Deputy Minister of Shipping Marina Hadjimanolis announced at the Cyprus International Business Association (CIBA) forum on Tuesday that the fleet of Cypriot-flagged ocean-going vessels has grown for the first time in two years.

This rebound comes after a period of decline fuelled by geopolitical tensions, notably the conflict in Ukraine and disruptions in global shipping caused by the Houthis, which have posed significant challenges to free navigation.

During her speech, Hadjimanolis emphasised that the resurgence in the sector aligns with the overarching goals set by the Nikos Christodoulides administration to continuously enhance and fortify the services provided by the Ministry of Shipping.

“We are very satisfied with the results,” she said, noting a significant 5.5 per cent growth in the fleet during the first half of the year and a 14 per cent increase in the number of companies registered under the tonnage system, now totalling 420.

Furthermore, Hadjimanolis outlined the proactive steps taken to boost the competitiveness of Cypriot shipping.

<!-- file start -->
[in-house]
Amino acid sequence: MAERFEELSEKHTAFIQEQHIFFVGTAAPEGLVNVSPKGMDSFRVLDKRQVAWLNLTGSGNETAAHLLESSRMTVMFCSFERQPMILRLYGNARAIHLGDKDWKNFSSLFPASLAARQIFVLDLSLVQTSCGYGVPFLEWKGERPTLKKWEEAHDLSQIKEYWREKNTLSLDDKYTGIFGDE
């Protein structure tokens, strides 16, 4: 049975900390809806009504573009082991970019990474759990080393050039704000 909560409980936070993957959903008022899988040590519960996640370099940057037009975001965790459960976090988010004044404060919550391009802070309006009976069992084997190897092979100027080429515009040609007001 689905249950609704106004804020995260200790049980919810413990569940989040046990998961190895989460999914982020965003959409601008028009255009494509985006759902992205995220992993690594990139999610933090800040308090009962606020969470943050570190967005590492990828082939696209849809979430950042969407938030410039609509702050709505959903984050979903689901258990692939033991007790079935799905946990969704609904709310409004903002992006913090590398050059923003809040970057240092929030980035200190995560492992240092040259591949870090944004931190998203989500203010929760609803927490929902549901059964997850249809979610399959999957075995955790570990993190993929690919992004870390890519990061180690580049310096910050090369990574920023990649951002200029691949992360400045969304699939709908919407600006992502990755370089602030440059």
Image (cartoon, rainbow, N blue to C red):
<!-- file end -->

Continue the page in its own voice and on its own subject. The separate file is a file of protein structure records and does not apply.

Among these steps, she noted, was the establishment of the Advisory Committee on Competitiveness and Quality Enhancement of the Cyprus Flag and the Advisory Committee on Competitiveness of the Cyprus Maritime Cluster.

These initiatives aim to perpetually advance the competitiveness of the Cypriot flag and the broader shipping industry.

Additionally, since last November, a One-Stop Shop has been operational, designed to streamline and enhance service quality for all shipping companies and related entities based in Cyprus.

Hadjimanolis also touched upon incentives aimed at environmental sustainability in shipping.

“Following a decision of the Council of Ministers, from January this year, the annual tonnage tax for ships registered in the Cypriot registry will be reduced by up to 30 per cent for each ship that exhibits substantial greenhouse gas reduction measures,” she explained.

She explained that this policy is part of a broader strategy to encourage shipowners to contribute to the decarbonisation of the sector.

What is more, the minister also addressed the critical challenges facing global shipping today, such as the adoption of green fuels, the integration of technology and autonomous shipping, alongside green finance.

“As a leading advocate of sustainable shipping, we believe that comprehensive and diversified measures are needed both at the international and regional levels to achieve our pollution reduction targets and ensure a sustainable future for the industry,” Hadjimanolis concluded.